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Start Using Quotation Marks the “Correct” Way

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Read Time: 4 min

Quotation marks, speech marks, inverted commas; whatever you call these forms of punctuation, you might well be using them incorrectly. Let’s take a quick look at what’s correct, what isn’t, and what you can do within your CSS to make sure your quotes are properly formatted.

Quick Quotation Terminology

Let’s begin by illustrating what we’re talking about here. There are several forms of what we recognize as quotation marks, and each has its own specific purpose. When punctuating writing, you should use “smart quotes”, or “curly quotes”:

curly double quotation markscurly double quotation markscurly double quotation marks

That applies to both double and single quotation marks.

curly single quotation markscurly single quotation markscurly single quotation marks

And even apostrophes:

example of a correct apostropheexample of a correct apostropheexample of a correct apostrophe

“Curly quotes are the quotation marks used in good typography.” – typographyforlawyers.com

On the web, however, you’ll commonly see “dumb quotes”. These are straight versions, which are often used because of defaults set in CMSs and applications. Even your keyboard will usually make it difficult to use anything but dumb quotes.

straight double, or dumb quotesstraight double, or dumb quotesstraight double, or dumb quotes
straight single, or single dumb quotesstraight single, or single dumb quotesstraight single, or single dumb quotes

Dumb quotes are not to be mistaken for “primes”; separate glyphs which are used for denoting measurement, such as feet and inches, co-ordinates and even more complicated units used in watch-making, for example.

example of primesexample of primesexample of primes

Primes are usually different to dumb quotes in that they slant slightly, but that’s of course entirely down to the typeface.

So what are dumb quotes for then?!

Code. That’s pretty much the only place you should technically be using them.

Using Proper Quotes

As mentioned, your keyboard won’t help you much when you’re trying to use correct quotes. In fact, as I type this on my Mac OS English keyboard, I’m using the awkward:

glyph keyboard shortcut

alt + [

alt + shift + [

alt + ]

alt + shift + ]

When writing HTML, if your document is using charset utf-8

<meta charset="utf-8" />

then you’ll be able to paste the correct quotation marks directly in. Alternatively, you’ll need to use the HTML named or numeric entities, or (for CSS) the escaped unicode values:

glyph named entity numeric entity escaped unicode

&ldquo; &#8220; \201C

&rdquo; &#8221; \201D

&lsquo; &#8216; \2018

&rsquo; &#8217; \2019

Quotes in CSS

We can use the quotes property in CSS to make sure our <q> elements are properly decorated with the correct quotation marks. The quotes property accepts four values in sequence, each one defining which character to use under each circumstance:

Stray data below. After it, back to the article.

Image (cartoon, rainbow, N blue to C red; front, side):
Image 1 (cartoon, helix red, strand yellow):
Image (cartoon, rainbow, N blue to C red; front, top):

• Opening quote
  • Closing quote
  • Opening nested quote
  • Closing nested quote

With escaped unicode values (mentioned in the table earlier) it might look a bit like this:

q {
    quotes: "\201C" "\201D" "\2018" "\2019";

Or this, if you prefer to see what you’re doing more clearly:

q {
    quotes: '“' '”' "‘" "’";

Interestingly, the CSS quotes property won’t have any effect on <blockquote> (though I’m sure it used to?).

We’re using different values to dictate which glyphs will be used to open and close our quote elements. We’ve stated that we want a double quotation mark to open, then double closing mark to close. Nested quotation elements will have single marks applied.

These quotation marks are slotted in using pseudo elements.

Directly Controlling the Pseudo Elements

Further properties allow us even more control. We can go on to specifically control those pseudo elements, stating whether we’d like the opening, or closing marks to be displayed at all. This even applies to the <blockquote> tag, which browsers display with no quotation marks by default.

blockquote:before {
    content: open-quote;
blockquote:after {
    content: no-close-quote;

In this code we’ve altered the content of the pseudo-elements, saying that we actually don’t want a closing quote to be displayed.

Language Gap

Not all languages display quotation marks in the same way, however. Take a look at what French uses, for example.

the french use different characters to mark their quotes (citer)the french use different characters to mark their quotes (citer)the french use different characters to mark their quotes (citer)

These are called guillemets (no, not guillemots) and they’re just one example of alternative quotation marks. Happily, we’re free to use the correct entities for whatever language we need. And we can target the lang attribute on the element of choice to be specific.

<q lang="fr">Je comprends, et c'est un super chapeau</q>
q:lang(fr) {
    quotes: "«" "»" "‹" "›";

Excuses for mon français too, if I’ve done that wrong.

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